You can download the spring V4 Human Rights Review here.

We are delivering the spring issue of the online journal V4 Human Rights Review, which provides information on the developments in the areas of human rights and democracy in the Czech Republic, Hungary, Poland and Slovakia.

We bring you an interview with Mr Pavol Žilinčík, who is a member of the Judicial Council in Slovakia. His professional focus is on safeguarding judicial independence and strengthening the accountability of the judiciary. How does he evaluate the developments in Slovakia and other V4 countries?

Jana Šikorská then informs us about the new pact of the four capital cities - Budapest, Warsaw, Bratislava and Prague - in which the mayors pledged to stand against illiberal policies in their respective countries.

In the Czech section, Pavel Doubek discusses a dispute between Archbishop Dominik Duka and a theatre, which was characterised by a conflict between religious freedom and freedom of artistic expression.

Alíz Nagy from the Hungarian section focuses on cases of segregation of Roma children in primary schools. What was the courts’ reaction and the opinion of the Prime Minister?

In the Polish section, Witold Płowiec explains the ruling by the Court of Justice of the EU, which held that the Supreme Court must ascertain the independence of the new Disciplinary Chamber.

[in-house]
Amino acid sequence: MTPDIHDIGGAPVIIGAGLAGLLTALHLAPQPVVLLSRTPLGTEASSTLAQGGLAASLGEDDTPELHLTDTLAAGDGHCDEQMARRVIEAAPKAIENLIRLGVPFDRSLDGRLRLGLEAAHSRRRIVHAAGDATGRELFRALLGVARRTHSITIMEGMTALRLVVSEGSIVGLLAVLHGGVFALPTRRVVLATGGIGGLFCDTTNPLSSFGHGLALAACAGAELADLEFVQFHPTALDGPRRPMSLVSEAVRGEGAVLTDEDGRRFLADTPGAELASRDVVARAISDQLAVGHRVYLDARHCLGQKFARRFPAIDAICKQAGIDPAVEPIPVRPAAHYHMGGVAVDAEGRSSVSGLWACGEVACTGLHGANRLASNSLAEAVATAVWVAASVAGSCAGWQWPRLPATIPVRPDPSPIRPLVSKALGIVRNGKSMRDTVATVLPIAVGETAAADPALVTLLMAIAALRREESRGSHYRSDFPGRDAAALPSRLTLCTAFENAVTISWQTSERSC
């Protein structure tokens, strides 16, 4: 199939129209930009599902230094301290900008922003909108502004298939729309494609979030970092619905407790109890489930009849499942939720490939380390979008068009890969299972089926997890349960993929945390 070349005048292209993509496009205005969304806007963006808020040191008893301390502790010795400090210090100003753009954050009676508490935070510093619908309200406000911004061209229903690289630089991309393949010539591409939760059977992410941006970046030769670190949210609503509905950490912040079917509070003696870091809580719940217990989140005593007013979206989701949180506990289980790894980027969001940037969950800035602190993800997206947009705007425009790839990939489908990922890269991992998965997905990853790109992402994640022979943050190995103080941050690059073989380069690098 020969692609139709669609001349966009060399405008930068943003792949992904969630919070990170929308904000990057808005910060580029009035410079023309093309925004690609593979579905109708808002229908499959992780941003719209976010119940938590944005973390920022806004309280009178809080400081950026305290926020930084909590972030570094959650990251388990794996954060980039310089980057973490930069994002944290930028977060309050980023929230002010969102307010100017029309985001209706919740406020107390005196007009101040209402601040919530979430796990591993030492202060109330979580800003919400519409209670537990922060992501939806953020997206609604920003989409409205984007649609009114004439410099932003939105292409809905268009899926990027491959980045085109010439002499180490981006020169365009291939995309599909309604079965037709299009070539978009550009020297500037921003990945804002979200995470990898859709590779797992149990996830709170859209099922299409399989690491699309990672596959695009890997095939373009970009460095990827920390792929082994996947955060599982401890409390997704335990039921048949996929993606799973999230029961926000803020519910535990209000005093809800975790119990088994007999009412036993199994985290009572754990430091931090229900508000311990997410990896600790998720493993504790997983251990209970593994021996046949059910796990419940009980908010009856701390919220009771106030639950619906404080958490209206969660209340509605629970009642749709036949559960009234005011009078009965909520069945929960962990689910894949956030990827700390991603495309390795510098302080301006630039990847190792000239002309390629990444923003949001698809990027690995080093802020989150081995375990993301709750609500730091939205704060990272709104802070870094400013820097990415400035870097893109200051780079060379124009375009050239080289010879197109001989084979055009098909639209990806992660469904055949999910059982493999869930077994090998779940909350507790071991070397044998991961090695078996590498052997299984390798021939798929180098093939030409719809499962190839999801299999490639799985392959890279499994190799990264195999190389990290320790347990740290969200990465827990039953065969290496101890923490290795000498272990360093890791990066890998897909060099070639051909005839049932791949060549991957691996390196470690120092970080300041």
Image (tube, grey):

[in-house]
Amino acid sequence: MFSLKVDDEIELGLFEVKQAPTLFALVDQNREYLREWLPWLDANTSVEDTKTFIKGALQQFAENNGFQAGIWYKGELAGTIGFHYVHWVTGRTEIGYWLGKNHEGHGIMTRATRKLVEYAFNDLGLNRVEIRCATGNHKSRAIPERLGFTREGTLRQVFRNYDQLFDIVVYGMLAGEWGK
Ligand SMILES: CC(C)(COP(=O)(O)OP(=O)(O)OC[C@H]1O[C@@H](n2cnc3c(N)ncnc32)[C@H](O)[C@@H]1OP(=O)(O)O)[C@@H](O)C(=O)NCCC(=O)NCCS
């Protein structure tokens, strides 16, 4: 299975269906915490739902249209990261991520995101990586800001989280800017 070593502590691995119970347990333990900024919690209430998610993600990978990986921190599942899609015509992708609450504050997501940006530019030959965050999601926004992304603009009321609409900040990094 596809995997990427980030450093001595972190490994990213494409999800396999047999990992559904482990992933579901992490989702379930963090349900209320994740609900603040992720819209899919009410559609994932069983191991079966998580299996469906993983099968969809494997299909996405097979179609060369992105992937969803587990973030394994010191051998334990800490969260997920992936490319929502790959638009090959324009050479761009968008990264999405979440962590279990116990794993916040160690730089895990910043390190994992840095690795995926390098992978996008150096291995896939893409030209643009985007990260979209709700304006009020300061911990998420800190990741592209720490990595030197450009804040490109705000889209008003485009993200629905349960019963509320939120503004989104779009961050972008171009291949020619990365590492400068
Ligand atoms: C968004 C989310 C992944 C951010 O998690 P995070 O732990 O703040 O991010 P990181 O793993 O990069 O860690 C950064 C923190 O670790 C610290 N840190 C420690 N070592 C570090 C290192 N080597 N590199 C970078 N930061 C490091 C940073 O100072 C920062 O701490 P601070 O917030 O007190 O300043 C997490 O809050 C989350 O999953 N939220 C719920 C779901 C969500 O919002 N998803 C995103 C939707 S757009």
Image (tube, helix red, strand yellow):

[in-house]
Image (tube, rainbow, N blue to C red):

Erik Láštic from the Slovak section reflects on the state of the judiciary. Although it was granted self-regulation, it is confronted with the lowest trust among public institutions. What led to such a situation?

We hope you enjoy this issue!

 

Content

  • Interview with Pavol Žilinčík on judicial independence not only in Slovakia:
    Well-designed structures are important but high-moral personalities are essential
  • Could cities stand up to illiberalism?

Czech republic

  • Blasphemy or freedom of expression?
  • Abolishment of net cage beds: What is the Czech Republic waiting for?
  • Czech human rights challenges for 2020

Hungary

  • Unfair and unjust: segregation of Roma children in Gyöngyöspata
  • Data protection or cover-up of censorship? Dispute over a district journal after
    an opposition victory in a Budapest district
  • Ilias and Ahmed v. Hungary: “Asylum detention” is not really detention, according
    to Strasbourg Court

Poland

  • Judicial independence in Poland before the Court of Justice of the EU
  • Judicial reforms in Poland: another brick in the wall
  • LGBTI free zones in Poland

Slovakia

  • What now? The failure of the independent judiciary in Slovakia
  • Truth revelation and the secret police archives: the case of Andrej Babiš
  • Informal judicial networks and judicial independence in the aftermath
    of Ján Kuciak’s murder